Josh Waitzkin’s book The Art of Learning holds a few helpful insights. One of which is that we have natural energy flows that can fluctuate on a daily, weekly, and quarterly basis. By paying attention to how we feel, we can learn to recognize and predict those time blocks when we have high creative and productive energy. By creating our schedules around these high moments of productivity we can ensure we’re fulfilling our potential in an efficient manner.
august 1st, 2017
“Anyone can become angry – that is easy. But to be angry with the right person, to the right degree, at the right time, for the right purpose, and in the right way – that is not easy.” -Aristotle
july 31st, 2017
An old traveling friend recommended the Serial Podcast to me this week. I had heard of it before but I guess I was just waiting for someone I knew personally to give it the green light. I started it yesterday and I’m already halfway through the first season.
july 30th, 2017
Veep. I have spent too much time today watching this show. It makes me wonder if the president really can be this disillusioned. Doesn’t seem too far stretched if he’s surrounded by yes men.
As I watched though the seasons of Veep (it took a few months) I stopped liking the main character. She’s generally unlikable and not a good person. It reminds me of Pain & Gain where none of the main characters were likable. I guess directors and producers want to show incompetence and make it approachable through humor. But I don’t know.. Maybe there’s something I’m missing. I’m just not a fan.
july 29th, 2017
Make hard decisions now and live an easy life later.
july 28th, 2017
I mentioned this on my Now page but I’m thinking about what to do after I leave Denver. The option I’m leaning towards right now is to grab my backpack and hitchhike to Austin, Texas. I’m going to call it a vision quest because it sounds awesome, and I’m hoping it will give me some perspective on life and renew my drive.
I have complete freedom to do whatever and go wherever. I’m very much open to suggestions and advice so hit me up if you have any recommendations or any advice on hitchhiking in the United States.
july 27th, 2917
july 26th, 2017
It hit me how important food is.
Not just to keep our bodies running, but how it acts as a social tool.
Families, couples, and friends eat together and cook together. Meals have become a social lubricant to grease the wheels of companionship. Being a good cook is a trait of an ideal partner. And Somerhalder said the way to the heart is through the stomach.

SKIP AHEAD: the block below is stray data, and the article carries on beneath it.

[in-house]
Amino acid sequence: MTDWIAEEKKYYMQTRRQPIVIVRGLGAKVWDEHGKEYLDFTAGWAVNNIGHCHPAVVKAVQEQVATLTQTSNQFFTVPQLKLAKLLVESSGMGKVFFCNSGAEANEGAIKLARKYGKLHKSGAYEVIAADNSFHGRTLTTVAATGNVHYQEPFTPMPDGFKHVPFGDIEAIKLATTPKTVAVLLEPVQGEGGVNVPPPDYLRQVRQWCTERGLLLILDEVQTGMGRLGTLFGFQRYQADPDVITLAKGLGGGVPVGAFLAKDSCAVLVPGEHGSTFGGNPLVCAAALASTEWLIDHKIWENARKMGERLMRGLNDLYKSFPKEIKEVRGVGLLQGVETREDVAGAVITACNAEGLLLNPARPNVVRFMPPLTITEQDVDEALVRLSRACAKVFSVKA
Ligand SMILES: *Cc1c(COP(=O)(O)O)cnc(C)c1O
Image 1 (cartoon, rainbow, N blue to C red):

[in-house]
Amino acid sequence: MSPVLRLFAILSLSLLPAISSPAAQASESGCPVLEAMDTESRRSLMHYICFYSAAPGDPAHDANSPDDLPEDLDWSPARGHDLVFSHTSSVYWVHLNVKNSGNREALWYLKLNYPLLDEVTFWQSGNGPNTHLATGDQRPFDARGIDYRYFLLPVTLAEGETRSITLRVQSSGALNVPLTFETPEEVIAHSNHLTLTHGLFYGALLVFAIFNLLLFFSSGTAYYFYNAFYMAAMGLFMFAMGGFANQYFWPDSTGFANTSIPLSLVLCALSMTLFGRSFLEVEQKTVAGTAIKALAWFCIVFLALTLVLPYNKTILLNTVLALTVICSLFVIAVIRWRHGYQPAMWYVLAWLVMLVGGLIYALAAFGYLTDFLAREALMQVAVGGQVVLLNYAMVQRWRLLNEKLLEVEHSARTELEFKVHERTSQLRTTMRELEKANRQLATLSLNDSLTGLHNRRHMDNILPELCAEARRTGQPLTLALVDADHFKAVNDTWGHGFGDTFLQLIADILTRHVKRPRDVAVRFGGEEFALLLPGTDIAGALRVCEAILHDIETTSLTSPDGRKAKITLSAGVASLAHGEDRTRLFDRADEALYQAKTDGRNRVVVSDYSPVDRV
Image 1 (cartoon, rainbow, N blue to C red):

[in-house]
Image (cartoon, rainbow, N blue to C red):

We do tons of things to facilitate social bonding but perhaps none are better than preparing and enjoying a meal with somebody else.
july 25th, 2017
Over the past three months I’ve been developing a morning routine that sets me up to have a productive day. There’s so much information on what a good morning routine should look like, so I’m trying to figure out what works for me.
Currently I am experimenting with micro-tasks that relate to larger projects I’m working on.
For example, I write about two to four hours every day. So I begin my morning by writing for a short period of time. I use The Five Minute Journal for this. It’s a basic tool, but it gets me writing something down first thing in the morning.
I’m also working on developing a healthy lifestyle. So after I write I’ll go to the gym for about 45 minutes, then come home and make myself a protein-rich smoothie, followed by walking Lizzie for about an hour.
Finally, I’ll come back and read for a bit. Normally whichever non-fiction book I’m into at the moment. Currently it’s The War of Art.
After that, I’m set for a good day. My days revolve around writing, exercising and cooking/eating healthy foods, and educating myself. I find that the tasks I do in the morning all take on elements of the type of life I want to lead right now.
It’s definitely not perfect though. It takes about 2.5 hours which is way too long. Ideally I wouldn’t have to walk Lizzie, but I enjoy walking around the neighborhood while cogitating or listening to a podcast.
I’m still tinkering with my morning routine. I want to experiment with Tony Robbins’ Priming technique as well as some cold-exposure practices next. If you have a system that works for you let me know about it through the Contact page or on Twitter. Maybe you’ve discovered something that I can learn from.
july 24th, 2017
Decided I needed some fiction to read so I picked up a copy of The Martian by Andy Weir two days ago. A lot of science-y stuff behind it, but it’s a fun read. I’m about 200 ages in. Apparently he’s also written a mind-blowing four page story called The Egg. I’m linking to it, but I haven’t read it yet, so hopefully it’s good.
… Just read it. It was okay.
july 23rd, 2017
Exploring places is awesome. There are times when GPS is a wonderful thing that can stem off anxiety, frustration, and tardiness. But if you have the time, don’t worry so much about getting to a destination. Put your phone in your pocket, walk around, and open yourself to the world. It can be scary and off-putting but it’s also fun and exhilarating. Get lost. You’ll be okay. When you’re coming to the end of journey, be it through shortage of time or energy, that’s when you pull your phone out and return back home.
july 22nd, 2017
The War of Art is what I am interested in today. I found a copy online and have managed to read about 100 pages of it in a day. Nothing too life changing in it, but it does give a new paradigm on how to view barriers and dips.
july 21st, 2017
There’s something to be said about dramatization. About imagining every barrier you encounter as a threat against your life.
Waking up early is tough. But those demons of sleep are looking to keep you from making the most of your day.
Working on a project after you’re finished at work is hard. Those enemies named fatigue and exhaustion are looking to keep you away from what you love.
Getting up to play with your child is difficult. The army of energy-sucking soldiers is looking to destroy your relationship.